Thank you for collecting signatures from your friends and neighbors, for being part of the 2-a-day plan pioneered by Erika Shriner of Climate Action Bainbridge, for gathering at Earth Day events, at Town Halls, and at grocery stories and more, and for everything else you did to bring in 8,683 signatures for the month of April. Impressive as that number is (especially because we really only had half of the month) we’re aiming considerably higher for May, so please sign on for signature-gathering if you haven’t already and please keep it up if you’re already pounding the pavement for the campaign (and please send your Tales from the Trails, good or bad, to me at [email protected]). Thank you!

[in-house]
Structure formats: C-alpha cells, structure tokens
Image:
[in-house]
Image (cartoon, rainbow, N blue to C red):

In the past few weeks some rather strange accusations have been leveled at us by representatives of a new group called the Alliance for Jobs and Clean Energy that is being led by Climate Solutions and Washington Environmental Council. These accusations—some of them downright silly, some of them more in keeping with the kind of politics we have all come to abhor—are not what one would expect from fellow climate activists. We attempted to ignore these attacks because we have more important work to do gathering signatures and raising money to support our staff, but we kept hearing from local activists around the state who were puzzled about what was going on and/or upset by the Alliance’s tactics. So we met with leaders of the Alliance and have created a joint statement that attempts to spell out a productive working relationship going forward. Although we are not currently endorsing each other’s efforts, both organizations want to make it clear that we respect each other’s work and are not opposed to individuals or organizations supporting either CarbonWA or the Alliance (or both). Speaking on behalf of Carbon Washington, I want to emphasize that we respect the organizations in the Alliance and are happy to have received assurances that the accusations that were leveled at us won’t be repeated. We take them at their word but we also respect the idea of “trust but verify”, so if you encounter any friction going forward please contact me directly at [email protected]. And on behalf of Carbon Washington let me say that we are tremendously proud of the work that CarbonWA volunteers and staff are doing across the state and that we will continue working to spread our positive message and build our campaign for bipartisan climate action!